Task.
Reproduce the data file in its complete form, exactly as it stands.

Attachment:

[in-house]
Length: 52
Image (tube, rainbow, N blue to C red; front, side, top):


[in-house]
Length: 52
Image (tube, rainbow, N blue to C red; front, side, top):